Author: Tomi Adeyemi
Pub Date: Mar. 2018 (read May 2018)
I was so worried this was not going to live up to the hype – The Cruel Prince was a huge letdown for me earlier this year – but this absolutely did!
Children of Blood and Bone is the hottest new fantasy novel in 2018 and is particularly exciting because of it’s representation. Tomi Adeyemi is a Nigerian-American and this is very much a West-African themed fantasy novel. I loved almost everything about this. It is well written, has interesting and well developed characters, it’s not too romance heavy, it’s gritty and dark, and it had a fast moving plot that I actually cared about!
Children of Blood and Bone is set in the land of Orisha, which is a very lush and vibrant world. It has been 11 years since the King rid Orisha of magic and executed all of the Maji (the wielders of magic). However, he left the diviners, which are the children of Maji who have not yet matured enough to develop their magic. The diviners are identifiable by the white streak in their hair and the King continues to oppress them by increasing their taxes and forcing them to do brutal manual labour in the stocks when they can’t afford to pay.
Zelie is haunted by the death of her mother, who was a Reaper until the King destroyed magic and then strung up her mother with all of the other Maji. Zelie is a diviner, but her father and brother Tzain are not and she feels a constant threat to them. The attention drawn to her as a diviner puts the rest of her family at risk too. So she trains in the ways of the staff with Mama Agba in hopes of one day being able to fight back against her oppressors.
On the other side of the Kingdom, Inan and Amari are abused by the King in an entirely different way. They are his children, heirs to the throne, but he shows them no love as he tries to toughen them up and prepare them to one day take the throne. Amari is the younger child and her father has all but given up on her. He believes her weak and she hides from him with her friend and servant Binta. But when a rare magical artifact shows up that threatens to return magic to the Kingdom, her father threatens Binta and Amari makes a choice to steal to the artifact away and in a chance encounter, teams up with Zelie to try and bring magic back. Her older brother, Inan, is commissioned to hunt down Zelie and Amari and return the artifact by any means necessary.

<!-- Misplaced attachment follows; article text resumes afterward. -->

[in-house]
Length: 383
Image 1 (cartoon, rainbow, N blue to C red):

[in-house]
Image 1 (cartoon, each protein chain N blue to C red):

Zelie, Tzain, Amari, and Inan are the main characters of the story and the novel shares narration between 3 of them. This would be one of my small complaints because I was curious why Adeyemi choice not to have Tzain narrate any of the story. I thought he was a fascinating character too and I would have really like to hear things through his perspective. We mostly only get his perspective through Zelie or Amari.
I thought Zelie was a fantastic protagonist though. She’s strong but vulnerable, a leader but still flawed. She makes mistake after mistake, but she is persistent and you can’t help but love her. I feel like the author took her character through the ringer in this novel and I loved that she wasn’t afraid to take risks with the plot. Parts of it were still a little predictable, but she throws in enough twists and turns and heartbreak that it doesn’t really matter. The stakes were high.
I loved Amari too. Inan is the dark, brooding villain who you just want to see the light so badly, but you never really know if he is capable of turning against the brutal upbringing that has been ingrained into him by his father. But Amari is soft spoken and timid and I love those quieter female characters who demonstrate different kinds of strength. She struggles to fight or kill, even though she’s been trained by her father her entire life, yet her love for her friend drives her to take the ultimate risk to steal the scroll. She had so many opportunities to turn back to her cushy palace life and even though she seemed weak to Tzain and Zelie, she never seriously considers abandoning them. I’d admired her tenacity. If I’d grown up in a palace I think one look at poverty, hunger, and violence would send me running back to my tower. I love bad-ass characters like Zelie and Celaena Sardothian and Katniss Everdeen. But I also really appreciate those softer characters who fight their battles through other means. Characters like Sansa Stark and Hermione Granger and Amari.
My other minor complaint would be about the romance. I liked that the romance wasn’t central to the story, but I also had a really hard time buying into the romance at all. I feel like I was supposed to be frustrated with Tzain’s views on the romance, but I actually think he had it completely right. I might have given this 4 stars in the middle of the book because of the romance, but I ended up liking some of the outcomes of the romance and how awry things ended up going, which I thought more accurate. So it gets the extra half star because I ended up actually being impressed with where the author took some of these relationships by the end of the book.
There will of course be another book in this series and I am definitely here for it! I can’t believe this is a debut novel and I will definitely be coming back for more!